Watch Dogs is a sprawling game you can sink hours into, arguably an Ubisoft specialty. And in some respects, it’s a spectacular games. And in others, it’s a total trainwreck. Having put twenty hours or so into it, you can make a compelling case that it’s both the best and the worst game of the year, even at only the halfway point.
The Case For
In its basics, Watch Dogs is actually a superb refinement of what’s arguably Ubisoft’s house style at this point. It’s a shooter with a mix of stealth and gunplay options, where how you achieve the mission is generally open-ended. Everything is rock-solid and makes sense, although some mechanics, such as driving, will take a little getting used to.
The “hacking” mechanic, arguably the central selling point, is more than just a gimmick and actually adds a lot to the game; before you approach any area, you’ll want to get behind cover and see if you can’t tap into a few cameras and get the lay of the land, not to mention create distractions and thin the numbers.
Furthermore, the game rather cleverly makes use of the concept of line-of-sight. The QR puzzles scattered around the game world are cleverly used and have the mark of a good puzzle: Once you work out the basics, it all clicks smoothly into place. “Riding the cameras” is often a fun way to solve problems and unlock new areas.
In short, as something you play, it’s a great game. Where it falls down is the trappings surrounding the play.
The Case Against
One doesn’t come to an Ubisoft game expecting Shakespeare, but even by their standards, this game might be some of the worst writing the company has ever put out. Take, for example, Aiden Pearce, or Smartphone Punisher, since that’s the extent of his character development. Oh, except that we learn for a brilliant social engineer and master tactician, Aiden is kind of a dimwit when it comes to spotting obvious villains. But not as dimwitted as the villains, who, despite you being famous as “the Vigilante” practically from the start of the game, don’t notice you look just like that guy on the news killing all their men.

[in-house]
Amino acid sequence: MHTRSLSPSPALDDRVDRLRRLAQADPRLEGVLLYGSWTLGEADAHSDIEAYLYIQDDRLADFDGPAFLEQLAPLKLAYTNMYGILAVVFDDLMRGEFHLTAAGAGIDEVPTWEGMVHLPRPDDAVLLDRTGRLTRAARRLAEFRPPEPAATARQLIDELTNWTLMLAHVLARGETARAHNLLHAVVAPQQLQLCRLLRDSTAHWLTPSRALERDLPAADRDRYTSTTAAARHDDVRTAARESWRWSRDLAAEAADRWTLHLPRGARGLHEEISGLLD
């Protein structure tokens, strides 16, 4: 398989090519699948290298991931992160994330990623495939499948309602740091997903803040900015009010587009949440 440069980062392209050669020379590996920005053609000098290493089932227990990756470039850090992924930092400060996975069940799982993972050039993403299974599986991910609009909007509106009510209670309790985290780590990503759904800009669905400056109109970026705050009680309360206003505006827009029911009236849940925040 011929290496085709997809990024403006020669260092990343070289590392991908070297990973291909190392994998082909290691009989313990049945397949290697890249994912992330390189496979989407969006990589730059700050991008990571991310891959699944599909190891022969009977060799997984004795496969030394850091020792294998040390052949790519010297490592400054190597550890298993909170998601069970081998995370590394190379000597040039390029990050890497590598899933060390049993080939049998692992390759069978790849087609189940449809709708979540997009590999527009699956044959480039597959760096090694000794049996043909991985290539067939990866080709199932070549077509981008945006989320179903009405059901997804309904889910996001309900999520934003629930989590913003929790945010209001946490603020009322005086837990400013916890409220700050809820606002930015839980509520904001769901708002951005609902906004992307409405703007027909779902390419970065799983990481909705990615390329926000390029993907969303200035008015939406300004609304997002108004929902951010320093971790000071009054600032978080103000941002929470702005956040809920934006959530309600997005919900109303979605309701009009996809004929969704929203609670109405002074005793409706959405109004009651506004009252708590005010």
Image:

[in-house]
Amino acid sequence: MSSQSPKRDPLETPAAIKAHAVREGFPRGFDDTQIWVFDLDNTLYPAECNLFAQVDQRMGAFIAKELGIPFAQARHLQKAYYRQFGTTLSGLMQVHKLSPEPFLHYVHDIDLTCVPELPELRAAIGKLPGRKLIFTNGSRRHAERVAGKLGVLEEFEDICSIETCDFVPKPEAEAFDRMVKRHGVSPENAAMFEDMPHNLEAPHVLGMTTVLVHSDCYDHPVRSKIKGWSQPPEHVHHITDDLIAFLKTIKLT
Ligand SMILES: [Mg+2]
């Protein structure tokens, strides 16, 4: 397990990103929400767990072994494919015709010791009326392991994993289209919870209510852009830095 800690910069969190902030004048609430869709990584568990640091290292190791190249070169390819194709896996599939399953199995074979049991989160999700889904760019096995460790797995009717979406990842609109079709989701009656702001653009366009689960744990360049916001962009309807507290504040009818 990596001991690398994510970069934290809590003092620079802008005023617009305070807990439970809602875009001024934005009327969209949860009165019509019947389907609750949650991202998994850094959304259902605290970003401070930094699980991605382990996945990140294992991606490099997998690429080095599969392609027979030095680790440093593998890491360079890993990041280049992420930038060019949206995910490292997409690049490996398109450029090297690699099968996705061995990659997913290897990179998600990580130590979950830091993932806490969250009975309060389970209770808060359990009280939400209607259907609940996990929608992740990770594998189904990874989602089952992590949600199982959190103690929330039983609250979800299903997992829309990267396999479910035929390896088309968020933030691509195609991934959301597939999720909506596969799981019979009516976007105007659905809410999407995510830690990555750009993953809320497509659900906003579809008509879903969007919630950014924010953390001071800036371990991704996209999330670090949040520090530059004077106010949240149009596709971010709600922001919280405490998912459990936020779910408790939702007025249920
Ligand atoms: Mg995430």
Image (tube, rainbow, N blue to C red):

The game’s script is filled with problems like this. Iraq, seemingly a stock gangbanger character, turns out to be a master manipulator playing off the perception of his neighborhood to mask a larger scheme, an opportunity that’s utterly wasted in favor of cheesy stock villains. Maurice, the poor schmuck you learn was forced into trying to kill Aiden, is a weepy annoyance. It becomes distracting how bad some of the writing is.
There are a few technical problems with the game as well. The police are infamously hard to shake, partially because the game wants you to perform cinematic vehicle takedowns. One problem: Those takedowns zoom in for a nice, slow-motion view of the wreck… while you’re still driving away and trying to dodge obstacles and other cars. Considering the relentless nature of the cops in this game, that means pursuits take far longer as you wreck or even get killed.
Finally, and most curious, in terms of sound, this game is just embarrassing. Brian Reitzell, the composer for Hannibal, hands in a flat generic score matched only by the absolutely stock selections of pop music on the soundtrack. Even the ambient sound is a mess, looping constantly and worse, noticeably.
A Great And Frustrating Thing
The end result is a game that’s a lot of fun to play, but filled with constant nagging little problems that, especially when you’re forced into a scripted police chase, suddenly come to the fore to make it irritating. It’s a game not annoying enough to make you stop playing, but after sneaking through a carefully designed setpiece where you headshot foes and sneak behind them to clear the area, only to find the alarm you were trying not to trip is triggered anyway as part of the script. It’s a game where a thrilling string of missions and takedowns is capped off with a ten-minute chase scene where you just want to ditch the cops.
And thus, that mix of fun and annoyance makes us believe there won’t be a more frustrating game this year. Hopefully the sequel has enough time to tweak, to make it simply the best game of the year.